IMPACT calls for certainty over future of Coillte

IMPACT trade union, which represents Coillte staff, today (Monday June 3rd) called on the Government to clarify its intentions about the proposed sale of Coillte’s timber harvesting rights. The union said that, while individual Dáil members had indicated that the plan is unlikely to go ahead, it was now time to end the uncertainty over the future of the company, which sustains thousands of jobs in tourism, forestry and the timber products sector. 

The union, which has been at the forefront of the Save Our Forests campaign to prevent the sale, said the proposed sale would cost the taxpayer money and threaten rural jobs, tourism, and public access to Coillte forests. 

Speaking today, IMPACT spokesperson Niall Shanahan said the union was ready to explore any reforms that could genuinely enhance the operation and profitability of Coillte and increase its ongoing contribution to exchequer funds. “Coillte sustains thousands of jobs in the timber, tourism and wood products industry, and returns significant sums to the exchequer each year. It is potentially damaging to the company and the industries it supports to have uncertainty hanging over Coillte’s future,” he said.

Coillte made a profit of €52 million between 2010 and 2011. It provided a dividend to the State of €10 million in 2011 and an interim dividend last year of €2 million.

“Coillte’s open forests policy provides a fantastic resource to the public, with 18 million visits to Coillte forests each year. Coillte staff are enthusiastic about contributing to and further enhancing this contribution to Ireland’s environment and economy. What we need now is for the Government to end the uncertainty, and announce a decision on the future of our forests” said Mr Shanahan.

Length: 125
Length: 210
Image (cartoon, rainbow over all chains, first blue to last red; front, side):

IMPACT’s Coillte branch made a decisive intervention in the debate about Coillte’s future by commissioning the report by economist Peter Bacon, which concluded that the proposed sale would cost the State €1.3 billion – almost twice as much as it could hope to raise in a sale. 

In a presentation to the Oireachtas agriculture committee in May, IMPACT national secretary Matt Staunton told TDs that Bacon’s report found that the financial return on the sale would only manage to pay three weeks worth of interest on the State’s debts. Mr Staunton described the return as “grains of sand in a desert of debt”.

Last year, IMPACT’s Coillte branch launched the Save Our Forests campaign and website, which won support from a range of community, environmental, sporting and countryside groups. The unions’ document, also called Save Our Forests (links to PDF download), argued that a sale of Coillte harvesting rights would “destroy the character and quality of Irish forests and limit countryside access for the general public,” while jeopardising jobs in tourism and the 12,000-strong Irish forest products sector.  

This formed the basis of IMPACT’s lobbying and information campaign, which helped win broad political support to oppose the sale, which could see harvesting rights sold off for up to 80 years. Peter Bacon’s findings later undermined any budgetary or economic rationale for the sale.